Police said they had probable cause arrest warrants for several men with ties to the organization but were still trying to determine if they were among those detained. Police said some of those detained had arrest warrants from other police agencies and parolee violations. Police would not give specific details about the cases they believe are linked to the people associated with the bakery, but did say some were committed last year and earlier this year.

Two are believed to be shooting deaths of two men last month within a few blocks of the bakery, in pre-dawn hours. One was the July 12 shooting death of Michael J. Wills Jr., 36, who had addresses in both Oakland and Fremont. He was gunned down in the 6200 block of San Pablo Avenue.

Four days earlier, Odell Roberson Jr., 31, was shot to death in the 1000 block of 60th Street. Police suspected the murders were connected because of the circumstances and similarities of weapons used.

At least one case possibly linked to the bakery involves the kidnapping several weeks ago of some women whom a ransom was demanded for before they were able to escape, sources said. One of the shootings possibly resulted from a love triangle, sources said. Jordan said the warrants were obtained so that police could seek evidence needed ``to further our investigations into these different crimes.'' ``(The men named in the warrants) are very violent individuals who need to be in custody,'' he said.

Police from the Alameda County Sheriff's Office, Fremont, Hayward, Livermore and Alameda assisted with the raids.

Members of the Bey family appeared to be distancing themselves from Yusuf Bey IV on Friday.

For the past 3 1/2 to 4 years, the majority of the family was not involved in the bakery, said Shamir Yusuf Bey, son of the patriarch Bey, who died in 2003.

Speaking Friday evening in front of the bakery's shattered storefront window, Bey said his father ran the business legally for 34 years and that the situation does not reflect his father's legacy of helping the downtrodden to become leaders.

"We appreciate all the support for our father over the years," Bey said, adding that he and his "brothers" standing beside him in tailored suits had no felonies or misdemeanors.

Bey, dressed in a black suit and white bowtie, refused to take questions but said another press conference will be held Monday.

Bailey's death Thursday stunned the Bay Area, where Bailey had been a prominent journalist for decades.

Bailey wrote about Your Black Muslim Bakery and its founder Yusef Bey for the Tribune when Bey faced prosecution for a number of charges stemming from an original allegation that he fathered the child of a 13-year-old girl.

Bailey's articles mixed coverage of the allegations with lavish praise for Bey from his supporters.

One 2002 article, headlined, ``Accused black leader given support,'' quoted a string of sympathizers, including a woman who said, ``Jesus is the only one I know who is perfect.''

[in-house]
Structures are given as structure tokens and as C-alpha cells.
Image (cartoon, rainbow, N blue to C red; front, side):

Bailey also served as the news director at the East Bay's black-oriented KSBT SoulBeat Television.

And some say Bailey had a tumultuous relationship with members of the Black Muslim group.

A longtime friend of Bailey's who did not want to be named said the journalist got threats ``all the time'' from the Black Muslim Bakery and its supporters when Bailey hosted a segment on the Soul Beat television show. ``This was like 10 years ago,'' the friend said.

Many of the threats came during call-in time on Bailey's show, and many were taped on the program.

The man later came on Bailey's Soul Beat segment, the friend said, and the pair seemed to have a better relationship after that. Bailey wasn't the only journalist to run afoul with the group. Stephen Buel, the editor of the East Bay Express, said the newspaper had a brick through the window in late 2002 following a series chronicling the dark side of the group. A reporter at the newspaper received threats following a story about the death of Bey in 2003. ``We took them seriously and ultimately (the reporter) worked outside the office,'' Buel said. Bailey, who was released from the Tribune in 2005 because of conflict of interest issues, began covering the group again shortly after taking over as editor of the Oakland Post this summer. A memorial for Bailey, with flowers, notes and mementos had been erected at the spot where he was gunned down and community members and those who knew Bailey said he will be missed.

``We need reporters like Chauncey who say, `Listen, community, wake up. Something's wrong here, and if this is it, let's look at it and examine it and fix it,'' said friend Ayo. ``The thing about the Muslims, those things could be fixed. I feel like they just lost their way.'' Staff writers Douglas Fischer, Angela Hill and Angela Woodall contributed to this report.